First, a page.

About that Debt Ceiling:
The debt ceiling, untouched in this middle-of-the-night deal, is going to need to be raised again in, I guess, March or thereabouts. I’m not totally sure of the timeline but it’s not all that important here. It’ll be after the spending cuts postponement is up in 2 months. But it’s another point where the 2011 Republicans would have seized the opportunity to create a crisis and force a showdown right up to the brink of disaster. They did that in 2011. But the Republican majority and Speaker Boehner in particular won’t have that kind of leverage anymore.
I think the world-ending showdowns from 2011 and 2012 are probably over for the next two years or will be far, far less frequent. Once again, Boehner’s majority will be a lot smaller starting Thursday (only a 23 seat edge) in the 113th Congress, and he no longer has influence over most of that majority. He and some of his supporters would really prefer not to bring down the government and economy, even if the conservative wing is claiming to be just fine with that outcome. Since he’s never going to reach a deal that could win a Republican majority and Senate and White House passage, and will in fact embarrass himself every time he tries (as happened with the “Plan B” proposal), he no longer has an incentive to futz around trying to get such a deal — and the White House knows that. No leverage for him, now. Likelier scenario is that he bangs his chest a bit and then puts together a deal with the Senate Majority and White House that the House Minority Democrats will back. And then he, his merry band of two or three dozen Republicans who aren’t complete maniacs on the debt ceiling, and the House Democrats will cobble together a slim majority and pass a deal. The White House, I believe, has already said that they will exercise the Amendment 14 Section 4 option (a unilateral raise) if Congress fails to raise the debt ceiling. They don’t want to do that — it’s still an open question has to whether or not the Courts would accept it and no one really wants to find out the hard way — but they will do it if they have to. So he can negotiate or not negotiate, but the debt ceiling will be raised either way, so it’s in his interest to negotiate the best deal he can get, given that this White House would prefer a deal to that extreme option.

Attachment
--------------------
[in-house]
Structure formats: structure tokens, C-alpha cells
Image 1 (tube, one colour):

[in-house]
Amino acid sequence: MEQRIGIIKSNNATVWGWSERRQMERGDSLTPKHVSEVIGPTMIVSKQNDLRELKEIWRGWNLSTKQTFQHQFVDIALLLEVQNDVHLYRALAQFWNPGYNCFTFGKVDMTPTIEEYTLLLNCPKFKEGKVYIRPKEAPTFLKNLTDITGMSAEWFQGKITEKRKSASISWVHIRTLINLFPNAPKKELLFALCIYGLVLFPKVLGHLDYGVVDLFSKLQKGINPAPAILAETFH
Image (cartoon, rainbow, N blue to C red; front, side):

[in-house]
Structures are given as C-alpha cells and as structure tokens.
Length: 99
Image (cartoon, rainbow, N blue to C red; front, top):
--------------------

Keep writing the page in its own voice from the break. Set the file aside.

One final unavoidable caveat to all of this:
Never underestimate the power of the current crop of Republicans to cut off their noses to spite their faces. All of what I’m saying could be woefully over-optimistic and naive. They’ve shown on more than a few occasions that they will go to all kinds of unprecedented extremes unseen in the modern era even when it hurts them. They’re a bit fundamentalist in that regard. I’m arguing on a questionable assumption that at least a couple dozen of them (including speaker Boehner) are still acting on a rational self-interest basis. And you know what happens when you assume…